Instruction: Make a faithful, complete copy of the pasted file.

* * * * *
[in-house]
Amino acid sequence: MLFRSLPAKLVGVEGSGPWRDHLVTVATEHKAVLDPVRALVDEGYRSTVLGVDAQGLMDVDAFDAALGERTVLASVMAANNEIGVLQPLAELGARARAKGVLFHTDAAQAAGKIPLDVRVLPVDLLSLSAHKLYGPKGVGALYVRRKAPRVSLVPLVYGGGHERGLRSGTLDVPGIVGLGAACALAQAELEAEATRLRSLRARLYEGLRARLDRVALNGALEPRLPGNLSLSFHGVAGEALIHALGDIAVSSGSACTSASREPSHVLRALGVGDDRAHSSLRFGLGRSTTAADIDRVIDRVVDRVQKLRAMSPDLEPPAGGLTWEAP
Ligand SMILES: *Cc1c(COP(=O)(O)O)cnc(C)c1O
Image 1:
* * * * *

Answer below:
[in-house]
Amino acid sequence: MLFRSLPAKLVGVEGSGPWRDHLVTVATEHKAVLDPVRALVDEGYRSTVLGVDAQGLMDVDAFDAALGERTVLASVMAANNEIGVLQPLAELGARARAKGVLFHTDAAQAAGKIPLDVRVLPVDLLSLSAHKLYGPKGVGALYVRRKAPRVSLVPLVYGGGHERGLRSGTLDVPGIVGLGAACALAQAELEAEATRLRSLRARLYEGLRARLDRVALNGALEPRLPGNLSLSFHGVAGEALIHALGDIAVSSGSACTSASREPSHVLRALGVGDDRAHSSLRFGLGRSTTAADIDRVIDRVVDRVQKLRAMSPDLEPPAGGLTWEAP
Ligand SMILES: *Cc1c(COP(=O)(O)O)cnc(C)c1O
Image 1: